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Download The Life of Samuel Johnson Audiobook

Extended Audio Sample The Life of Samuel Johnson Audiobook, by James Boswell
3 out of 53 out of 53 out of 53 out of 53 out of 5 3.00 (1,166 ratings) (rate this audio book) Author: James Boswell Narrator: Jim Killavey Publisher: Jimcin Recordings Format: Abridged Audiobook Delivery: Instant Download Audio Length: Release Date: April 2009 ISBN:
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This book is considered by many to be the finest literary biography ever published. Samuel Johnson was the leading literary scholar and critic of his age, helping to define the Augustan Age of English Literature. He is as celebrated for his brilliant conversation as he is for his writing. He began contributing to London magazine around 1737 on literary and political subjects. Johnson's place in history and literature was assured with the publication of his Dictionary of the English Language, the first comprehensive English lexicography. In 1763 Johnson met James Boswell and, by 1791, The Life of Samuel Johnson appeared. Boswell recorded Johnson's conversation so minutely that Johnson is better remembered today for his sayings than for his own literary work. His biography is generally regarded as one of the greatest in the language. Download and start listening now!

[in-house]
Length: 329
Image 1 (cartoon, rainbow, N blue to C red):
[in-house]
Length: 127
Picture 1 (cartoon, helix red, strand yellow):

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Listener Opinions

  • 3 out of 53 out of 53 out of 53 out of 53 out of 5 Nancy | 2/9/2014

    " This was my first e-book, and I got it for free through Project Gutenburg. I've been reading it on my iPod iTouch for 15 to 30 minutes at a time - whenever standing in line, stuck in traffic, in bed before sleep - since Christmas. It wasn't really a comprehensive biography so much as a series of anecdotes, conversations the author had noted in his diary. Very repetitive, but here and there were some interesting details. Like the fact that Johnson most likely had Tourette's Syndrome. And that he was a Tory who despised Americans. And that "animadversion" means "criticism." And that in 1791 "awful" still meant "awe-inspiring." And that educated people still actually *spoke* Latin. Etc. "

  • 1 out of 51 out of 51 out of 51 out of 51 out of 5 Rachel | 1/10/2014

    " So many times I have tried to read this and must conclude I am simply not heavyweight enough to enjoy this sort of thing. It is well written but the amount of footnotes is phenomenal. Should one read them or ignore them?? In addition the other people in the book - well known in their day - are all very obscure to me and I cannot drum up any interest in their doings. Oh dear. "

  • 5 out of 55 out of 55 out of 55 out of 55 out of 5 Ken Ludwig | 12/18/2013

    " This, along with Pride and Prejudice, Tom Jones and a few prime Wodehouse novels, is my favorite book of all time and I'm always re-reading it. "

  • 4 out of 54 out of 54 out of 54 out of 54 out of 5 Laurel Kane | 12/16/2013